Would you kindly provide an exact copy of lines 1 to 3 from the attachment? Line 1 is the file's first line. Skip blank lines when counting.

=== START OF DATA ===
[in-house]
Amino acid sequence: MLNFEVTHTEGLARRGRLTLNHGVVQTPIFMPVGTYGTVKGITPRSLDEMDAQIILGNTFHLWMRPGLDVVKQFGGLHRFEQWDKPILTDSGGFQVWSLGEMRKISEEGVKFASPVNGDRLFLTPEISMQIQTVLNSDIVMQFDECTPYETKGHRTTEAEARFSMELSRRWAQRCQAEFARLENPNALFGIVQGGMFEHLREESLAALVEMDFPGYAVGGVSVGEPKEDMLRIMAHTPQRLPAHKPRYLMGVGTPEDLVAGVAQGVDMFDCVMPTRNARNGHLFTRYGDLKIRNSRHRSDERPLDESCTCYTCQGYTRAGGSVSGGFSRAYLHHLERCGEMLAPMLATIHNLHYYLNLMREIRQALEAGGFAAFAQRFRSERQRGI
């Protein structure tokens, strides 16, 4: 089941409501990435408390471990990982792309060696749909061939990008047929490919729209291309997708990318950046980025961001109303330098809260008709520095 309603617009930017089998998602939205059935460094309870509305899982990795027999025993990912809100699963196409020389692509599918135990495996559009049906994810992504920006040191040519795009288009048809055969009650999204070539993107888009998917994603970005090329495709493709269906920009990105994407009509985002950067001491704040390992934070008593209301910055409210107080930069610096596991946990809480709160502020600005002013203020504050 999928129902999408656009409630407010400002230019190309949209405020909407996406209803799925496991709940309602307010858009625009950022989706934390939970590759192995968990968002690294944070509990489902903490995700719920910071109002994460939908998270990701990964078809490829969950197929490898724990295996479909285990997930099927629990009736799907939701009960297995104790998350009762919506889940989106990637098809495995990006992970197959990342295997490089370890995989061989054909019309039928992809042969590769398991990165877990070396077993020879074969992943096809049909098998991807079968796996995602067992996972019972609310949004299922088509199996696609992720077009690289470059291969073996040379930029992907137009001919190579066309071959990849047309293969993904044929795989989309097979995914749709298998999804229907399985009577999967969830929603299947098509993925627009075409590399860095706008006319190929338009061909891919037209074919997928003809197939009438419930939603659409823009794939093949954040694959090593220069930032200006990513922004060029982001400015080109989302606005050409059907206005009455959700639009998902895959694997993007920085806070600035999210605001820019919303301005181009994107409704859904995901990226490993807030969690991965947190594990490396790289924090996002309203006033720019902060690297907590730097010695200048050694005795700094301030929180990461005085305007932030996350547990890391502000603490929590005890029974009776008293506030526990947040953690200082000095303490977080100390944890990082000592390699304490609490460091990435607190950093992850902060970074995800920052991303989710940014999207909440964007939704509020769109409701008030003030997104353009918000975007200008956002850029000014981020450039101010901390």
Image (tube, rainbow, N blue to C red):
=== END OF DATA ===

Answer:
[in-house]
Amino acid sequence: MLNFEVTHTEGLARRGRLTLNHGVVQTPIFMPVGTYGTVKGITPRSLDEMDAQIILGNTFHLWMRPGLDVVKQFGGLHRFEQWDKPILTDSGGFQVWSLGEMRKISEEGVKFASPVNGDRLFLTPEISMQIQTVLNSDIVMQFDECTPYETKGHRTTEAEARFSMELSRRWAQRCQAEFARLENPNALFGIVQGGMFEHLREESLAALVEMDFPGYAVGGVSVGEPKEDMLRIMAHTPQRLPAHKPRYLMGVGTPEDLVAGVAQGVDMFDCVMPTRNARNGHLFTRYGDLKIRNSRHRSDERPLDESCTCYTCQGYTRAGGSVSGGFSRAYLHHLERCGEMLAPMLATIHNLHYYLNLMREIRQALEAGGFAAFAQRFRSERQRGI
């Protein structure tokens, strides 16, 4: 089941409501990435408390471990990982792309060696749909061939990008047929490919729209291309997708990318950046980025961001109303330098809260008709520095 309603617009930017089998998602939205059935460094309870509305899982990795027999025993990912809100699963196409020389692509599918135990495996559009049906994810992504920006040191040519795009288009048809055969009650999204070539993107888009998917994603970005090329495709493709269906920009990105994407009509985002950067001491704040390992934070008593209301910055409210107080930069610096596991946990809480709160502020600005002013203020504050 999928129902999408656009409630407010400002230019190309949209405020909407996406209803799925496991709940309602307010858009625009950022989706934390939970590759192995968990968002690294944070509990489902903490995700719920910071109002994460939908998270990701990964078809490829969950197929490898724990295996479909285990997930099927629990009736799907939701009960297995104790998350009762919506889940989106990637098809495995990006992970197959990342295997490089370890995989061989054909019309039928992809042969590769398991990165877990070396077993020879074969992943096809049909098998991807079968796996995602067992996972019972609310949004299922088509199996696609992720077009690289470059291969073996040379930029992907137009001919190579066309071959990849047309293969993904044929795989989309097979995914749709298998999804229907399985009577999967969830929603299947098509993925627009075409590399860095706008006319190929338009061909891919037209074919997928003809197939009438419930939603659409823009794939093949954040694959090593220069930032200006990513922004060029982001400015080109989302606005050409059907206005009455959700639009998902895959694997993007920085806070600035999210605001820019919303301005181009994107409704859904995901990226490993807030969690991965947190594990490396790289924090996002309203006033720019902060690297907590730097010695200048050694005795700094301030929180990461005085305007932030996350547990890391502000603490929590005890029974009776008293506030526990947040953690200082000095303490977080100390944890990082000592390699304490609490460091990435607190950093992850902060970074995800920052991303989710940014999207909440964007939704509020769109409701008030003030997104353009918000975007200008956002850029000014981020450039101010901390």